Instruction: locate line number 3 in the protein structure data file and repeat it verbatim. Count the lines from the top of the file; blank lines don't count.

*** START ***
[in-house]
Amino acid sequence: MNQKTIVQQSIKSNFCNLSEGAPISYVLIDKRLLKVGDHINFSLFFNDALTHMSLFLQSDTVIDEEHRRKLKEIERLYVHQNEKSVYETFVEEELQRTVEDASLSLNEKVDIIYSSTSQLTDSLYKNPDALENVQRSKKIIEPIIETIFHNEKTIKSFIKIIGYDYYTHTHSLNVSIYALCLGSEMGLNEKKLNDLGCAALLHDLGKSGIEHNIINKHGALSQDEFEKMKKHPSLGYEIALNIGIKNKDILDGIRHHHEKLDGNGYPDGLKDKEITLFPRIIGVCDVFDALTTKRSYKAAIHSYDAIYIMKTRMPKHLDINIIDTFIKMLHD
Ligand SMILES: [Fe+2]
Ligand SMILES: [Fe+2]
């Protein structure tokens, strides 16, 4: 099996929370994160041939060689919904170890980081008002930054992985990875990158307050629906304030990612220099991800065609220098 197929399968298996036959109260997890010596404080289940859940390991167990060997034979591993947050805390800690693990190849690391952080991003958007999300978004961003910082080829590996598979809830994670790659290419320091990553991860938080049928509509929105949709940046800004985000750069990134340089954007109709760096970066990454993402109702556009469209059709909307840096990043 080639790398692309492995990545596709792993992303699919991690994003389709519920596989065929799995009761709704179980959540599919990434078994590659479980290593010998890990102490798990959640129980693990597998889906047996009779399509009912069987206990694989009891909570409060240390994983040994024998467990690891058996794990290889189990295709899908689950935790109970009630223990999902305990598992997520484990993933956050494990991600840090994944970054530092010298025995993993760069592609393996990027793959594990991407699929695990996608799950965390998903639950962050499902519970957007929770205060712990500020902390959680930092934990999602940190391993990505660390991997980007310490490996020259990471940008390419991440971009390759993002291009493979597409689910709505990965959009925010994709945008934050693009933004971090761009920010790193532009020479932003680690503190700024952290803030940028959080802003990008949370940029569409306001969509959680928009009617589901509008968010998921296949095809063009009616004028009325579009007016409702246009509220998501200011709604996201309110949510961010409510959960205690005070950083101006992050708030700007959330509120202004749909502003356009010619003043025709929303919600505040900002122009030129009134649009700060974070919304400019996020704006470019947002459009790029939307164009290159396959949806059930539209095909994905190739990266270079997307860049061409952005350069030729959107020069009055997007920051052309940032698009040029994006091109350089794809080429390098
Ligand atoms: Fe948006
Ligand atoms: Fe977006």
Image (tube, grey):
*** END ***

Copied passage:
Ligand SMILES: [Fe+2]